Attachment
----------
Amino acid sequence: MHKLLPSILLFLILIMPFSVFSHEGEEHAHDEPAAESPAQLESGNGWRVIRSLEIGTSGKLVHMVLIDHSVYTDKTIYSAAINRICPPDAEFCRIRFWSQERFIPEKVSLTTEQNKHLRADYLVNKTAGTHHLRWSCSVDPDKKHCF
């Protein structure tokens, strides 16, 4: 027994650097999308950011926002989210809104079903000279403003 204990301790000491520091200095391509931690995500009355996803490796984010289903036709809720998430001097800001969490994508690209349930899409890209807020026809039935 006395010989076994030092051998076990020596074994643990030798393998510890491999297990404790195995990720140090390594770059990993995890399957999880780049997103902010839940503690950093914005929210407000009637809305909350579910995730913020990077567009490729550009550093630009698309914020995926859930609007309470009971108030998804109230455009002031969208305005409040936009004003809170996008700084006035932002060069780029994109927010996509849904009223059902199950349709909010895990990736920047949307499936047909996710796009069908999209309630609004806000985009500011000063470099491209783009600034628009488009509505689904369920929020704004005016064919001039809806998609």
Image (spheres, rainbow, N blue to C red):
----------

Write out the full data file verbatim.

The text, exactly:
Amino acid sequence: MHKLLPSILLFLILIMPFSVFSHEGEEHAHDEPAAESPAQLESGNGWRVIRSLEIGTSGKLVHMVLIDHSVYTDKTIYSAAINRICPPDAEFCRIRFWSQERFIPEKVSLTTEQNKHLRADYLVNKTAGTHHLRWSCSVDPDKKHCF
């Protein structure tokens, strides 16, 4: 027994650097999308950011926002989210809104079903000279403003 204990301790000491520091200095391509931690995500009355996803490796984010289903036709809720998430001097800001969490994508690209349930899409890209807020026809039935 006395010989076994030092051998076990020596074994643990030798393998510890491999297990404790195995990720140090390594770059990993995890399957999880780049997103902010839940503690950093914005929210407000009637809305909350579910995730913020990077567009490729550009550093630009698309914020995926859930609007309470009971108030998804109230455009002031969208305005409040936009004003809170996008700084006035932002060069780029994109927010996509849904009223059902199950349709909010895990990736920047949307499936047909996710796009069908999209309630609004806000985009500011000063470099491209783009600034628009488009509505689904369920929020704004005016064919001039809806998609």
Image (spheres, rainbow, N blue to C red):